I want to start this by wishing a happy belated Hanukkah to all of you! I hope you all had an amazing time with your loved ones.
This story is about a nice surprise I had yesterday, and I thought it would be nice to share it here.
My grandmother was a German Lutheran of Jewish descent that migrated to South America in 1953 after getting married to my grandfather. She and her sister went through WWII as teenagers and managed to escape the Nazi murder machine by hiding in Berlin. She passed when I was a toddler, so sadly I never got to hear about her life and experiences. For obvious reasons, she was a very reserved woman when it came to discussing that period of her life, so not even my father (her only child) knows much about it.
The thing is, I always wondered if any aspects of her life were influenced by Judaism. Even if she wasn’t part of the religion, I thought there had to be some form of Jewish heritage that she kept in her heart.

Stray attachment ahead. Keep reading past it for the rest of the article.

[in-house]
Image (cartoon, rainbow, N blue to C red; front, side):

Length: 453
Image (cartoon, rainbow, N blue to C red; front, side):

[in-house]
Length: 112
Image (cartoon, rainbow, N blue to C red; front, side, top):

Well, one of the few things I have been lucky enough to learn from her (even if it is by reading her old recipes), is the recipe for this certain pastry she called Nuss Krantz. It’s my favorite thing ever. I always believed it was something she had made up, a sort of variation of a nut kuchen. But out of mere curiosity, I decided to Google it to see if I could find anything about it. Imagine my surprise when I found out Krantz is a Jewish pastry! This discovery made me mad happy. The Nuss Krantz she made is a bit different when it comes to ingredients, but it follows the same principle of the Krantz I see online: a sweet mixture spread over pastry batter that is then rolled to form a sort of loaf.
This might be a very small thing to be so joyful about, but I digress. I feel very honored to still be connected to that speck of Jewishness there is in my blood, even if it’s through something as simple as a dessert.
Anyways, I just wanted to share this. I would be glad to learn about the ways your families prepare krantz, or of there is any recipe you recommend for me to try in the future. Happy holidays!